Albigensians, Mendicant, and King Philip the Fair (Week #24)

By Haley Daley

What did the Albigensians believe?

The Albigensians were a group of people primarily in the south of france. They believed in a dualistic world, meaning they believe in two Gods, a good and an evil. The good God was the God of spiritual things, the Evil God was the god of materials things; things that can be perceived with the senses. So, they believed that you wanted as little contact with material things as possible. They believed in living a life of self denial. They also believed one of the greatest sins was a woman who gives birth, because she is bringing more evil matter into the world, she brought another human body into the world and bodies are evil because they are material. Because of these beliefs, the Albigensians were very opposed to the Church. They believed that the sacraments were wrong because God would not use material things. They also disagreed with oath taking.

 

Describe the mendicant orders of the thirteenth century.

Mendicant means begging. These are people that begged for their sustenance. They would preach or do good deeds and people would provide for them their survival needs. A member of any Roman Catholic religious order who assumes a vow of poverty and supports himself or herself by work and charitable contributions is considered Mendicant. The mendicant orders began with the Franciscans. St. Francis horrifies his father when He sells all he has and gives his life up to preaching. St. Francis has a dream where God commissioned him to repair his church because it was falling down. He takes this literally and proceeds to repair buildings throughout the Church. St. Dominic, who founded the Dominicans, was very impressed with St. Francis, but he was different. He concentrates more on education and learning. There were also many more groups involved in the mendicant orders.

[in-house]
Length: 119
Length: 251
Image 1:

What was the significance of King Philip IV of France?

Philip IV (Philip the Fair, because of his physical appearance) was actually a pious man, especially after the death of his wife in 1305, which you wouldn’t assume because of the disagreements and disputes he had with the church. He had a high view of what his powers are and ought to be. He wanted to redeem Roman law, especially the emperor Justinian’s laws that focus power in the Emperor. He demands that all French people be absolutely loyal to him as emperor, regardless of any other feudal obligations. He engaged in many military campaigns. Because of his engagement in war,he needed more money. He debased the currency and put heavy taxes on imports and exports, plus a special war tax. Philip accepted money from French barons who owed military duties to the French crown instead of military service. He also despoiled (take the property of) the Jews, the bankers, and the Templars. His actions disordered the national economy, rising prices led the people to poverty, taxation retarded industry, and crippled commerce. His actions caused much chaos, confusion, and poverty in France where he reigned.

Leave a Reply

Fill in your details below or click an icon to log in:

WordPress.com Logo

You are commenting using your WordPress.com account. Log Out /  Change )

Google photo

You are commenting using your Google account. Log Out /  Change )

Twitter picture

You are commenting using your Twitter account. Log Out /  Change )

Facebook photo

You are commenting using your Facebook account. Log Out /  Change )

Connecting to %s